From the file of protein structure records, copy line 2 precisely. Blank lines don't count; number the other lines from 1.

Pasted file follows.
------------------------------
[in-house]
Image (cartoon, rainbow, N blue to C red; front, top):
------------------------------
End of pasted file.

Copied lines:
Image (cartoon, rainbow, N blue to C red; front, top):